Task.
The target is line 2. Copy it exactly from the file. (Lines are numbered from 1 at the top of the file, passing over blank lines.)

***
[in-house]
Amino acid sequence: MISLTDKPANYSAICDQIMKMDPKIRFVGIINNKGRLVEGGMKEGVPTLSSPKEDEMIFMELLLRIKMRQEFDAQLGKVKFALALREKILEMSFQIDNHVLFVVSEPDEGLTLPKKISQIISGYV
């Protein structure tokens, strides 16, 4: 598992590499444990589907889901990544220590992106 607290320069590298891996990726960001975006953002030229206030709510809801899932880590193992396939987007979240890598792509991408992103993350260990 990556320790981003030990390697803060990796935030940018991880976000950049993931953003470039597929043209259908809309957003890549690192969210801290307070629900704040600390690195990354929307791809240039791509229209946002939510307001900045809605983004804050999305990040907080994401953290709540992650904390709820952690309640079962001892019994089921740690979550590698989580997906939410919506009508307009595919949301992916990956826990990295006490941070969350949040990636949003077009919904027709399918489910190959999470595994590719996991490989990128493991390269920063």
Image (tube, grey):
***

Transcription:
Amino acid sequence: MISLTDKPANYSAICDQIMKMDPKIRFVGIINNKGRLVEGGMKEGVPTLSSPKEDEMIFMELLLRIKMRQEFDAQLGKVKFALALREKILEMSFQIDNHVLFVVSEPDEGLTLPKKISQIISGYV